For the financial services sector, omnichannel integration has become imperative as the encroaching competition continues to threaten customer loyalty. But, while many may perceive this industry to be one of innovation, few firms have yet to put their money where their mouths are in an effort to bring their multichannel strategies full circle.
While most institutions have spent the preceding years establishing their presence across networks, firms must now transition from multichannel-existing on each platform-to omnichannel-delivering seamless, consistent experiences no matter the touchpoint based upon the information generated by each platform. However, the struggle to unify consumer data and deliver the ideal single customer view may be more difficult for the financial industry, as banks and firms must adhere to federal regulations.
Though today's consumers now have more control as to where, when, and how they interact with their banks, financial institutions have fewer freedoms, for they cannot operate outside their jurisdictions. Rob Heiser, president and CEO of Segmint, highlights that, while the whole marketplace has yet to deliver, collectively, the industry remains innovative. It's the financial sector's requisite long adoption periods that distort perception. "Being innovative in an industry that's highly regulated means there's not much of an opportunity to get there faster," he adds.
Financial institutions continue to actively embrace emerging technologies, implementing Web, social, and mobile strategies in order to expand customer engagement and extend brand reach. However, regulations aside, many firms do still lag behind when it comes to integrating the systems necessary to achieve their omnichannel goals.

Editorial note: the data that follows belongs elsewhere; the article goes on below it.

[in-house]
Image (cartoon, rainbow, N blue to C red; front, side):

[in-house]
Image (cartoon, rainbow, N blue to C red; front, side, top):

Consumers, as expected, rarely follow one predictable path on their journey toward decision-making. Yet, while banks understand these new, varied habits, most still capture and store data within silos due to their fragmented approaches to implementation, thereby preventing marketers from establishing a holistic view of each client. Firms, therefore, suffer the effects of siloed service, as they fail to connect individual channels in their effort to created seamless, integrated experience.
Big Data and segmentation may hold the key to omnichannel success, however, as brands need only tap into the wealth of data that already exists within the walls of their institutions. By analyzing behavioral data, financial institutions can assess how consumers currently interact with their firms and the sentiment driving said actions.
"To meet customer demand, messaging must be accurate and effective," Heiser says. "The window to make decisions continues to shorten, as customers are consumed by information. Therefore, they must have the right message on the right channel, as well as consistent messaging across channels."
With this information, banks can then identify customer needs, tailor products accordingly, and deliver service that creates competitive differentiation. The power to do so lies at the heart of omnichannel, for such strategies allow banks to blend customer data across channels, bringing everything together in one profile as they work to create consistency and reliability. Most may still have yet to reach this level of integration, but all must be aware that, with the right foundational tools, all firms have access to the data necessary to fuel their omnichannel fire.
Meeting Digital Demands
In the past, financial institutions have primarily focused upon developing operational efficiency as they work to maintain security and meet regulations. But, as banks come to recognize the need to differentiate themselves from their competitors, priorities now reside with the overall customer relationship and the ability to build strong, loyal bonds with their client base, as well. Unfortunately, however, many have found that increasingly effective engagement doesn't always come easily or immediately.